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Abayudaya isn’t Mumbo Jumbo

Ari Z. Zivotofsky and Ari Greenspan

We thought we’d seen everything on our halachic adventures, but hacking through the African bush to find a kosher mikveh or a tucked-away synagogue was a first. Yet the Abayudaya hope that one day, their community will not only copy the ancient rituals, but that this African tribe will actually find its way into the hearts and into the life of the Jewish People.

Wednesday, October 23, 2013

Kiruv andUganda are not words that usually run together. Yet in the darkest depths of Africa lives a group of people who — although not halachically Jewish — are sincerely committed to Yiddishkeit, striving against the odds to live Jewish lives and hoping one day to undergo proper conversion. Indeed, deep in this equatorial African country, together with the gorillas and baboons, there has been a quasi-Jewish presence for almost a century and in recent years this unusual community, known as the Abayudaya, has even built a mikveh and sent two of its young men to study in yeshivah inIsrael. And we were interested in helping them. Over the last few years we’ve made three challenging journeys to visit the Abayudaya and share their story.

Of course, we can’t talk about the trek through the forests ofUgandawithout mentioning the first time we arrived in the country atEntebbeInternationalAirport, near the capital ofKampala. But even beforeEntebbe, we were reminded ofIsrael’s long arm in far-awayAfrica.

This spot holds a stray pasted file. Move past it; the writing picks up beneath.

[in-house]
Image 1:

In order to reachUganda, we had to stop inNairobi,Kenya. But something about theNairobiairport threw us off balance: it looked like the doorposts had mezuzahs on them! Were we hallucinating? Actually, it turns out that the rooms had once been the local El Al offices, and even when the Israeli airlines left, the locals insisted the mezuzahs stay. Regards fromIsrael— now we knew we were never really far away.

Uganda, and especiallyEntebbe, conjures up one image — the miraculous rescue mission by the IDF of Jewish hostages on July 4, 1976, the day of theUSbicentennial. Those old enough to remember it surely recall where they were on that day.


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